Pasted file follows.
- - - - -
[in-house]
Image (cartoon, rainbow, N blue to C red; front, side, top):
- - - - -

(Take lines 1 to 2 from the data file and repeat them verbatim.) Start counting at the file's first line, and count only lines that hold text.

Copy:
[in-house]
Image (cartoon, rainbow, N blue to C red; front, side, top):